Beckwith Wiedemann syndrome: A population-based study on prevalence, prenatal diagnosis, associated anomalies and survival in Europe.
499 - 507
Eur J Med Genet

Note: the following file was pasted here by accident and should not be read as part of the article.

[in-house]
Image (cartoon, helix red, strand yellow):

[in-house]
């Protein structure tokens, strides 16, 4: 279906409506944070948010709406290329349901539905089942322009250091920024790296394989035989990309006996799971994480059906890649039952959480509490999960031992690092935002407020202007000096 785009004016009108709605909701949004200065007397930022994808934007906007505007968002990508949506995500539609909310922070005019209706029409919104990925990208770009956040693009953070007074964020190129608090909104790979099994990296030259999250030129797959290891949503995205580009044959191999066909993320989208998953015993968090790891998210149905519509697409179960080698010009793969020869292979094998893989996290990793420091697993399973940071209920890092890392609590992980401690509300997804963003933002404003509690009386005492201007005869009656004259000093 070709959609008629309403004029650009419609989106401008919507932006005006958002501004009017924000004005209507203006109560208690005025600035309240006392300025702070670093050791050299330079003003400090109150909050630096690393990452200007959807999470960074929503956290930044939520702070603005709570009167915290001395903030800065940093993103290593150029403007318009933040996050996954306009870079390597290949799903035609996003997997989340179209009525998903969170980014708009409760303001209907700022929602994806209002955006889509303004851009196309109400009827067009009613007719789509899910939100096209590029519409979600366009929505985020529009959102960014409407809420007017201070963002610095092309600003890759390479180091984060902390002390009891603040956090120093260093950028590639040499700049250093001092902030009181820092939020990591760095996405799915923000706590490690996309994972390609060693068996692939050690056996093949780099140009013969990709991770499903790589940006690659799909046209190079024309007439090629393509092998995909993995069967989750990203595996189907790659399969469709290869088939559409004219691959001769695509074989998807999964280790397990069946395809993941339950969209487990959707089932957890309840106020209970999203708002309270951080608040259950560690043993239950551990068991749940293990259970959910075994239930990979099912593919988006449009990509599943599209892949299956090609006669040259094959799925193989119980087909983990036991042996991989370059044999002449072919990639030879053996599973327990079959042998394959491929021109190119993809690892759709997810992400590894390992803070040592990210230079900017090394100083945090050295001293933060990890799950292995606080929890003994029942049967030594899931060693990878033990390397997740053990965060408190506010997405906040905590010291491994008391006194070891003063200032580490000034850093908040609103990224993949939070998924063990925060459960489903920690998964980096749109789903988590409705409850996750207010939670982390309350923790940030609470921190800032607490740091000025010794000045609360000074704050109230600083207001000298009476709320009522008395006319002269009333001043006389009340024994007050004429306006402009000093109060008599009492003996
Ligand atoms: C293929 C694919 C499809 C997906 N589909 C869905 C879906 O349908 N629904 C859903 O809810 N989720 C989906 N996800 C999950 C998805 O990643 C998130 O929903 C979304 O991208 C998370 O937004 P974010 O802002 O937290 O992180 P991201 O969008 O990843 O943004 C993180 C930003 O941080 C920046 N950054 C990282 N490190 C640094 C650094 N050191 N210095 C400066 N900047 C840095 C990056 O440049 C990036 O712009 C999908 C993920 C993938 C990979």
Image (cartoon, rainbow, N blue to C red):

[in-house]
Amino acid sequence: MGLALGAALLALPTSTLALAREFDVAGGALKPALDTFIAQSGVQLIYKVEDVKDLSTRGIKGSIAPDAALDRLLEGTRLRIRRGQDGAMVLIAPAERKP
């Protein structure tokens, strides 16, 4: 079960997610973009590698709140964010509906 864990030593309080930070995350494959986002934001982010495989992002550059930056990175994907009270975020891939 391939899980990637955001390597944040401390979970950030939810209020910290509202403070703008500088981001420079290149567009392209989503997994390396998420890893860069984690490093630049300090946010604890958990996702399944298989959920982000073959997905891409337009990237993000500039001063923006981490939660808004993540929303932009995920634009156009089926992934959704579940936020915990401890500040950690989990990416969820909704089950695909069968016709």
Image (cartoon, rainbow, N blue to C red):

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Beckwith Wiedemann syndrome is a complex developmental disorder characterized by somatic overgrowth, macroglossia, abdominal wall defects, neonatal hypoglycemia, and predisposition to embryonal tumors. We present epidemiological and clinical aspects of patients with Beckwith Wiedemann syndrome diagnosed prenatally or in the early years of life, using data from EUROCAT (European Surveillance of Congenital Anomalies) registries. The study population consisted of 371 cases identified between January 1990 and December 2015 in 34 registries from 16 European countries. There were 15 (4.0%) terminations of pregnancy after prenatal detection of severe anomaly/anomalies, 10 fetal deaths (2.7%), and 346 (93.3%) live-births. Twelve (3.6%) of the 330 live-births with available information on survival died in the first week of life, of those eleven (91.6%) were preterm. First-year survival rate was 90.9%. Prematurity was present in 40.6% of males and 33.9% of females. Macrosomia was found in 49.2% and 43.3% of preterm males and females, respectively. Of term newborns, 41.1% of males and 24% of females were macrosomic. Out of 353 cases with known time of diagnosis, 39.9% were suspected prenatally, 36.3% at birth, 7.6% were diagnosed in the first week of life, and 16.2% in the first year of life. The mean gestational age at prenatal diagnosis by obstetric ultrasound was 19.8 ± 6.2 (11-39) gestational weeks. The mean prenatal diagnosis of cases where parents opted for termination of pregnancy was 15.3 ± 2.4 (11-22) gestational weeks, and the mean gestational age at termination was 19.3 ± 4.1 (13-26) gestational weeks. The prenatal detection rate was 64.1% (141/220) with no significant change over time. There were 12.7% of familial cases. The study confirmed the association of assisted reproductive technologies with Beckwith Wiedemann syndrome, as 7.2% (13/181) of patients were conceived by one of the methods of assisted reproductive technologies, which was three times higher compared to the general population of the countries included in the study. Twin pregnancies of undetermined zygosity were recorded in 5.7% (21/365) cases, and were on average three to four times more common than in European countries that participated in the study. The estimated mean prevalence of classical Beckwith Wiedemann syndrome in Europe was 3.8 per 100,000 births or 1:26,000 births.